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‘A Far Off Place’

By Desson Howe
Washington Post Staff Writer
March 12, 1993


Mikael Salomon
Reese Witherspoon;
Ethan Randall;
Jack Thompson;
Sarel Bok;
Maximilian Schell
Parental guidance suggested

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"A Far Off Place" is a modernized African yarn, a Nike-era adventure into the dark continent with young stars Ethan Randall and Reese Witherspoon. There is just enough white-man's intrigue to make the trip engrossing, and just enough wildlife to make it diverting. Actually, some of that wildlife is fake -- we're talking life-size elephants made of latex. But you try telling real elephants to hit the dirt at the sound of gunfire.

An updating of two Laurens van der Post novels ("A Story Like the Wind" and "A Far Off Place"), the movie is about two American teenagers thrown together by grim circumstance. On an African vacation visit with his father, sulky Randall is forced to stay with family friends Robert Burke, Patricia Kalember and their daughter, Witherspoon. Resentful that he's not skiing in Utah, and unwilling to pal it up with Witherspoon, Randall passes the time in a bratty funk, a Walkman firmly strapped to his ears.

Things change when Randall and Witherspoon discover both sets of parents slain by ivory dealer Jack Thompson. The orphaned fugitives have to hoof it to the nearest town, where they can link up with anti-poaching ally Maximilian Schell. Luckily, Witherspoon is friendly with bushman Sarel Bok, who knows the terrain. But not so luckily, that nearest town is a thousand miles across the Kalahari Desert.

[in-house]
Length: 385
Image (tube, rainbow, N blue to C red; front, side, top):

With a yellow-sand trail ahead of them, a bushman for guidance and a dog for company, this turns out to be a southern-hemispherical "Wizard of Oz." While helicopter-borne Thompson tries to silence the kids for keeps, the foursome (if you count the dog) has to deal with territorial ostriches, treacherous scorpions and other natural surprises.

But they have Bok with them, who knows a thing or two about survival. He shows them "tapping," the bushman's way of seeing into the future and generally getting into the cosmic rhythm. He teaches them how to make fire. He shows them how to siphon water from roots. He gets Randall to shoot an animal for food. He even talks to the elephants. True to Hollywood lore, he also plays romantic go-between, at one point fashioning an eye-catching animal-hide jacket for Randall to give to Witherspoon.

If this junior field trip into self-discovery is not tremendously original, it's pleasant enough. The landscape (it was filmed in Zimbabwe and Namibia) is beautiful, and Bok makes an endearing little stereotype. His cute factor does reach gag-inducing heights, though -- even for this genre. When Randall tries to explain how satellite-relayed cameras can "capture" the moon in a little television box, Bok laughs with, uh, primitively poetic innocence.

Beyond this, there are some genuinely funny moments. In one (although it has been spoiled by previews), Randall is chased across the sands by an extremely irritated ostrich. In another, Bok walks off to have a "talk" with a herd of elephants. He returns to tell Witherspoon that the animals will follow them to sweep their tracks from hostile trackers. Witherspoon relays the good news to Randall. The elephants, she announces seriously, "have agreed to help."

A Far Off Place" is preceded by "Trail Mix-Up," a G-rated, amusing adventure with Roger Rabbit and Baby Herman. On a camping trip, Baby H. keeps wandering into saw mills, bee hives, etc. while Roger R. constantly sacrifices himself to save the accident-prone infant.

© Copyright 1999 The Washington Post Company

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